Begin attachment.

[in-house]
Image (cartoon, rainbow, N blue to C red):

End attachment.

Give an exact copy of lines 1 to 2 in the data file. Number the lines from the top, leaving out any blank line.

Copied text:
[in-house]
Image (cartoon, rainbow, N blue to C red):